Liquidity concerns for exchange-traded funds pop up occasionally, such as if ETFs trade more than their underlying securities, or when share price and net-asset value deviate.

The poster child for these concerns is the high-yield bond, says Michael Iachini, vice president, head of manager research at Charles Schwab. Some individual high-yield bonds can be hard to trade, but popular ETFs like iShares iBoxx $ High Yield Corporate Bond ETF (HYG) have very strong volume. That’s caused worries about excessive liquidity in the secondary market, where most retail and financial advisors trade ETFs, compared to the primary market, where authorized participants create or redeem the actual ETFs.

Having high liquidity in the secondary market can be a good thing, Iachini says. If high-yield bonds aren’t trading much during times of crisis, it can be difficult to get a feel for the bond’s fair value.

“During (times of crisis), even if primary markets aren’t very liquid, the secondary market for high-yield bond ETFs, especially the very big ones in the secondary market, tend to keep on ticking beautifully with tight bid-ask spreads when markets get volatile,” he says.

Iachini says some market commentators fret about ETF money flows if the underlying security isn’t trading, but he counters that doesn’t seem to be a problem so far.

“It seems to be a benefit for the market to be able to access relatively illiquid pieces of the bond market. Despite the fact the bonds themselves are illiquid, the ETF can trade pretty well,” he says.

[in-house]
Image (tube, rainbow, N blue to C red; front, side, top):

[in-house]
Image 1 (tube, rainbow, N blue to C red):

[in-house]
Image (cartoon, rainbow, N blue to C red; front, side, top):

The underlying fixed-income market and bond ETFs garner a lot of attention regarding liquidity, which he says comes in part because the bond market itself has changed in recent years. Institutions and investment banks no longer have the same level of bond ownership for market-making purposes, he says. The bond market has yet to see many big disruptions post-credit crisis, but, he says, it’s important to watch and understand that it could happen.

The ETFs most at risk are international small-cap emerging-market equities -- particularly single-sector equities -- international fixed-income securities and emerging-market local currency bonds.

“Do extra due diligence because of the underlying illiquidity of the holdings,” he says.  

Capacity problems are an issue for ETFs, especially those focusing on niche markets. This happens when an ETF is so big that it would have to own a large fraction of the available shares of the underlying securities, making it difficult to create new shares. To counter this, the ETF can start buying securities not in its index, but that can result in tracking error. Or, the ETF can stop creating new shares. This causes the market price to diverge from the net-asset value, causing the market price to trade at a premium to the net-asset value.

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